Make no mistake, innovation is what drives productivity. It is what makes us wealthier and healthier (if not wiser). It is impossible to conceive of modern America today without appreciating the waves of innovation that made the United States the most powerful and dynamic large nation in history.
Innovation matters so much it’s worth pausing to ask how we get it and to wonder how we might get more of it. In this essay, I’ll propose a strategy to ensure robust American innovation over the next thirty years.
1) Getting Our Priorities Right
There are many reasons the nation must confront its large and accumulating debt. Yet, one reason that doesn’t get enough attention is that it’s harmful to American innovation. Here’s why:
Innovation is powered by many factors, one of which is the total stock of knowledge in society. The federal government helps build the stock of knowledge through its support of basic research and development.
I like to think that 30 years isn’t a particularly long time. Maybe that’s because I was born exactly that many years ago, as were millions of my cohorts in the first class of Generation Y, otherwise known as “Millennials.” In its first 30 years, my generation has experienced firsthand the advent and evolution of the Internet.
Over the next 30 years, our generation will have an ever-increasing impact on the economy, the workplace, and the way we conduct business. We don’t know much about how the world will look in 2042, but we have plenty of ideas about how we, as a Generation, want to shape it.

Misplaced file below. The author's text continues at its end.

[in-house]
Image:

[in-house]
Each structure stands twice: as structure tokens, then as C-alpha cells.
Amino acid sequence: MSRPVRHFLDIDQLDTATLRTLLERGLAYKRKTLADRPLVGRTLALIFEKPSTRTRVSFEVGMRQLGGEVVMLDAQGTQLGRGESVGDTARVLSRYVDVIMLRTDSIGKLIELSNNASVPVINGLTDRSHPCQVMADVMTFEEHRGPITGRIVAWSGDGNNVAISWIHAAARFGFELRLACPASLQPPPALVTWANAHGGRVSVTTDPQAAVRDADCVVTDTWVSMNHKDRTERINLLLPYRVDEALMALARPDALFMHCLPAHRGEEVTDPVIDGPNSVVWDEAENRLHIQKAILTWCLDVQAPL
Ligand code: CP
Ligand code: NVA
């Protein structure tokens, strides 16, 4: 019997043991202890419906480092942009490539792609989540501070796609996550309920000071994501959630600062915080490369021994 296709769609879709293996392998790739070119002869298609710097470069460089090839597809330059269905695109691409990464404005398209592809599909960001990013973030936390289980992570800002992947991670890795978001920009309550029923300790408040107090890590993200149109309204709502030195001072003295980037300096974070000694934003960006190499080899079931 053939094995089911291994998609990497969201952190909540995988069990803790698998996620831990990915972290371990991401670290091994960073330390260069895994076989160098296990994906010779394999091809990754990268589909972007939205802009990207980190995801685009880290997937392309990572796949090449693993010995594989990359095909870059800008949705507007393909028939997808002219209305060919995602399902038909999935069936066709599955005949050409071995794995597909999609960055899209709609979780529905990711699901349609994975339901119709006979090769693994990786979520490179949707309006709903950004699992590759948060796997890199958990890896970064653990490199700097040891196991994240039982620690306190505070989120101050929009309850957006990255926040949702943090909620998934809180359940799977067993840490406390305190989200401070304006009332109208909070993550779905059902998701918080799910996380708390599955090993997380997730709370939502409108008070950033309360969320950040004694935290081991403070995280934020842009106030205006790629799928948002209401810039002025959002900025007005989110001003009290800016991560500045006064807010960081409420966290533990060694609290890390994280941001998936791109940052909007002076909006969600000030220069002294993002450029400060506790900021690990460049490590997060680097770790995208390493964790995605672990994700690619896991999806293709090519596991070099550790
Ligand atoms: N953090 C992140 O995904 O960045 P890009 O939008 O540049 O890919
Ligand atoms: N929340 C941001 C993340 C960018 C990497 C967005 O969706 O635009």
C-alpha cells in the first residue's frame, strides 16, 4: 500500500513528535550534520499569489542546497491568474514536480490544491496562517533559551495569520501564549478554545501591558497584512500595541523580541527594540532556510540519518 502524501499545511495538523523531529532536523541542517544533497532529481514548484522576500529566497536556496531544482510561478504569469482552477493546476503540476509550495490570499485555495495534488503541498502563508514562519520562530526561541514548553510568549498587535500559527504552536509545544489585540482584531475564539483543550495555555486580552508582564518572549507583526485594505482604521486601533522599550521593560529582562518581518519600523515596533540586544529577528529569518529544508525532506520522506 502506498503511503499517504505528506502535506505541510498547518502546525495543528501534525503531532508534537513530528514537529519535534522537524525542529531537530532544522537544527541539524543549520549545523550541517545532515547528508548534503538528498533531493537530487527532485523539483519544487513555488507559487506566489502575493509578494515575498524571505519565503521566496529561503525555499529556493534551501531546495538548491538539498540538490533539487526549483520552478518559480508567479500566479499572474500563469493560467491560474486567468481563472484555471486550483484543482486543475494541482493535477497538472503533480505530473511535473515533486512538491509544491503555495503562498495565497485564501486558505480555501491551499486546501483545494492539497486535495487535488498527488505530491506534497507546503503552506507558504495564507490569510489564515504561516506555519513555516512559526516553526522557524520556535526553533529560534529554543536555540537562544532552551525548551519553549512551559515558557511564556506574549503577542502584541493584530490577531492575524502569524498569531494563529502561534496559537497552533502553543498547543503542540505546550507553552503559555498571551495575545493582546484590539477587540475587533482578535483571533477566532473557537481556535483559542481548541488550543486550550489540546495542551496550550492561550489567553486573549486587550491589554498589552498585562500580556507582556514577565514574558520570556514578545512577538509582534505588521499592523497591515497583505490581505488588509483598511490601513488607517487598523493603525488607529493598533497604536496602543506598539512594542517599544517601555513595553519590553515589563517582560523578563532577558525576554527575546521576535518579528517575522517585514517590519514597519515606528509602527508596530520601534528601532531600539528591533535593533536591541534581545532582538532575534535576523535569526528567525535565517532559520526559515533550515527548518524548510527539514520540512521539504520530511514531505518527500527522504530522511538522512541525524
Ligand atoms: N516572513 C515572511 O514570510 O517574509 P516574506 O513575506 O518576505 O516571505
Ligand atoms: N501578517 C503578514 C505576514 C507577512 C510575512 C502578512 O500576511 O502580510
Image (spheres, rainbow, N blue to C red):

Just six years ago, I launched my own Internet-based company just as Facebook took off. What my company and Facebook have in common is that they were both founded by Millennials and rely heavily on a workforce that, like us, is digitally native. We tapped our cohort to help us think differently and build a different kind of company. We aren’t alone in taking such actions as more of us are building a similar future.
American manufacturing needs a national strategy. It once had one—more than 200 years ago. The architect was Alexander Hamilton, among the most foresighted of the Founding Fathers. The world of 2012 is dramatically different from that of 1791, and yet Hamilton’s words are eerily reflective of the current evolution of public opinion: “The expediency of encouraging manufactures in the United States,” he told Congress in his Report on Manufactures, “which was not long since deemed very questionable, appears at this time to be pretty generally admitted.”
That statement is as true in the early 21st century as it was in the late 18th century. A sector that was ignored by policymakers or even mistakenly given up for dead a decade ago is now viewed as key to our country’s economic survival. After all, among other things, manufacturers generate more economic activity across society, invest more in research and development (R&D) and innovation, and export more than any other sector.